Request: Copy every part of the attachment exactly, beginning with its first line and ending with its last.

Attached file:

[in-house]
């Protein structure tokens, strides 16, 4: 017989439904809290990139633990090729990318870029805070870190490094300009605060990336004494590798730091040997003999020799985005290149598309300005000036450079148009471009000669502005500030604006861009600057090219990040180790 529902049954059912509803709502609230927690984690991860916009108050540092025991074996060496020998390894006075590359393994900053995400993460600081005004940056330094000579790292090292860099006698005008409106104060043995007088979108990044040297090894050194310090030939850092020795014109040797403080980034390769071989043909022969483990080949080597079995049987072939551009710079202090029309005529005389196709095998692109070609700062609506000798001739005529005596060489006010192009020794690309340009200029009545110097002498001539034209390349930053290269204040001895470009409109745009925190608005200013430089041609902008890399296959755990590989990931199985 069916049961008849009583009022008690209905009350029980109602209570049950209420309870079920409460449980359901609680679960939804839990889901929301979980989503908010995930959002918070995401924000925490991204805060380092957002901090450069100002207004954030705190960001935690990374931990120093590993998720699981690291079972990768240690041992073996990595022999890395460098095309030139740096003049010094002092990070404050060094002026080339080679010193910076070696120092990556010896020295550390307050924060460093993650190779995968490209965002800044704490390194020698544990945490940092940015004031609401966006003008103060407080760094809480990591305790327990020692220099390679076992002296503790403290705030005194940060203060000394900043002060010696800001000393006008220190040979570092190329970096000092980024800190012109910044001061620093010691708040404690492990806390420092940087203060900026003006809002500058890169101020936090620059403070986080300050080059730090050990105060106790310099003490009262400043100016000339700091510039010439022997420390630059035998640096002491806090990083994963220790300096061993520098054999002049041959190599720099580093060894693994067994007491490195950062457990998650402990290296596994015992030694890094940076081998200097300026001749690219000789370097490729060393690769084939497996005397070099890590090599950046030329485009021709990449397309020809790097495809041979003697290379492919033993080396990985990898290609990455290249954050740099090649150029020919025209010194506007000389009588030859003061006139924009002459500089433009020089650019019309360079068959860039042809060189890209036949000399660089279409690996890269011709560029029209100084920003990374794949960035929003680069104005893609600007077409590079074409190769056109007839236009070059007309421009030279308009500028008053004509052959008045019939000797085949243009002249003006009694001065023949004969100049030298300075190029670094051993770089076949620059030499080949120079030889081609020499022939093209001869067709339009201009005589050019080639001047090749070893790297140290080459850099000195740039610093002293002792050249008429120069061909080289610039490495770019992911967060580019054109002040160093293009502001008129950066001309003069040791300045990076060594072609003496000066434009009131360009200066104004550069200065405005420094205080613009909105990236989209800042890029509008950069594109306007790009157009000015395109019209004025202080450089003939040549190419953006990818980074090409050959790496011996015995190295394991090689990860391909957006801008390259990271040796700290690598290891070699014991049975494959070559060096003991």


[in-house]
């Protein structure tokens, strides 16, 4: 017989439904809290990139633990090729990318870029805070870190490094300009605060990336004494590798730091040997003999020799985005290149598309300005000036450079148009471009000669502005500030604006861009600057090219990040180790 529902049954059912509803709502609230927690984690991860916009108050540092025991074996060496020998390894006075590359393994900053995400993460600081005004940056330094000579790292090292860099006698005008409106104060043995007088979108990044040297090894050194310090030939850092020795014109040797403080980034390769071989043909022969483990080949080597079995049987072939551009710079202090029309005529005389196709095998692109070609700062609506000798001739005529005596060489006010192009020794690309340009200029009545110097002498001539034209390349930053290269204040001895470009409109745009925190608005200013430089041609902008890399296959755990590989990931199985 069916049961008849009583009022008690209905009350029980109602209570049950209420309870079920409460449980359901609680679960939804839990889901929301979980989503908010995930959002918070995401924000925490991204805060380092957002901090450069100002207004954030705190960001935690990374931990120093590993998720699981690291079972990768240690041992073996990595022999890395460098095309030139740096003049010094002092990070404050060094002026080339080679010193910076070696120092990556010896020295550390307050924060460093993650190779995968490209965002800044704490390194020698544990945490940092940015004031609401966006003008103060407080760094809480990591305790327990020692220099390679076992002296503790403290705030005194940060203060000394900043002060010696800001000393006008220190040979570092190329970096000092980024800190012109910044001061620093010691708040404690492990806390420092940087203060900026003006809002500058890169101020936090620059403070986080300050080059730090050990105060106790310099003490009262400043100016000339700091510039010439022997420390630059035998640096002491806090990083994963220790300096061993520098054999002049041959190599720099580093060894693994067994007491490195950062457990998650402990290296596994015992030694890094940076081998200097300026001749690219000789370097490729060393690769084939497996005397070099890590090599950046030329485009021709990449397309020809790097495809041979003697290379492919033993080396990985990898290609990455290249954050740099090649150029020919025209010194506007000389009588030859003061006139924009002459500089433009020089650019019309360079068959860039042809060189890209036949000399660089279409690996890269011709560029029209100084920003990374794949960035929003680069104005893609600007077409590079074409190769056109007839236009070059007309421009030279308009500028008053004509052959008045019939000797085949243009002249003006009694001065023949004969100049030298300075190029670094051993770089076949620059030499080949120079030889081609020499022939093209001869067709339009201009005589050019080639001047090749070893790297140290080459850099000195740039610093002293002792050249008429120069061909080289610039490495770019992911967060580019054109002040160093293009502001008129950066001309003069040791300045990076060594072609003496000066434009009131360009200066104004550069200065405005420094205080613009909105990236989209800042890029509008950069594109306007790009157009000015395109019209004025202080450089003939040549190419953006990818980074090409050959790496011996015995190295394991090689990860391909957006801008390259990271040796700290690598290891070699014991049975494959070559060096003991």